This week we got the clearest sign yet that America’s middle east policy has failed. These moves show that Putin and China now have a massive upper hand in the geopolitical chess match unfolding. What’s happening to the United States is worse than we thought.
In their matching mauve ties, Russia’s Vladimir Putin and China’s Xi Jinping last week declared a “new era” in the global order and, at least in the short term, endorsed their respective territorial ambitions in Ukraine and Taiwan. The world’s two most powerful autocrats unveiled a sweeping long-term agreement that also challenges the United States as a global power, nato as a cornerstone of international security, and liberal democracy as a model for the world. “Friendship between the two States has no limits,” they vowed in the communiqué, released after the two leaders met on the eve of the Beijing Winter Olympics. “There are no ‘forbidden’ areas of cooperation.”
Agreements between Moscow and Beijing, including the Treaty of Friendship of 2001, have traditionally been laden with lofty, if vague, rhetoric that faded into forgotten history. But the new and detailed five-thousand-word agreement is more than a collection of the usual tropes, Robert Daly, the director of the Kissinger Institute on China and the United States, at the Wilson Center, in Washington, told me. Although it falls short of a formal alliance, like nato, the agreement reflects a more elaborate show of solidarity than anytime in the past. “This is a pledge to stand shoulder to shoulder against America and the West, ideologically as well as militarily,” Daly said. “This statement might be looked back on as the beginning of Cold War Two.” The timing and clarity of the communiqué—amid tensions on Russia’s border with Europe and China’s aggression around Taiwan—will “give historians the kind of specific event that they often focus on.”
Beyond security, the declaration also pledged collaboration on space, climate change, the Internet, and artificial intelligence. Politically, the document claimed that there is “no one-size-fits-all” type of democracy, and heralded both forms of authoritarian rule in Moscow and Beijing as successful democracies. “It’s a pretty striking step closer to an alliance and shows that they’re very much aligned in their vision of the world order in the twenty-first century,” Alexander Vershbow, a former U.S. Ambassador to Russia, told me. Putin described the broader strategic partnership with China as “unprecedented.” Xi said that their joint strategy would have a “far-reaching influence on China, Russia, and the world.”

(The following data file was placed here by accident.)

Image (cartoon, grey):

U.S. experts described the lengthy statement, which was riddled with false and accusatory language, as startling. “I’ve never seen a joint statement from both leaders using this kind of language. They’ve joined forces,” Angela Stent, a Russia expert who served at the National Intelligence Council and wrote “Putin’s World: Russia Against the West and with the Rest,” told me. She described the communiqué as “quite Orwellian” and called it an “inflection point” in which Russia and China are challenging the balance of power that has defined the global order since the Cold War ended, three decades ago. “We could be at the beginning of a new era as the Russian relationship with the West deteriorates and China’s does as well.” The agreement puts Washington and its key allies “in a terrible bind,” she added. “The fact is, whatever we do to counter what Russia is doing only reinforces its reliance on China.”
The joint statement is, at least for the moment, a diplomatic boon for Putin amid his showdown with the United States and Europe over Ukraine. For the first time in any of Russia’s recent aggressions, Putin has won the open support of China’s leader. China did not back Russia’s war in Georgia in 2008, or its invasion of Ukraine in 2014, nor has it recognized Russia’s annexation of Crimea. Now Moscow and Beijing, which both have the ability to veto any resolution at the United Nations, have declared their opposition to further enlargement of nato and to the formation of other regional security alliances. “Russia and China stand against attempts by external forces to undermine security and stability in their common adjacent regions, intend to counter interference by outside forces in the internal affairs of sovereign countries under any pretext, oppose colour revolutions, and will increase cooperation,” the often unwieldy statement declared. “This is where they pledge their troth,” Daly said.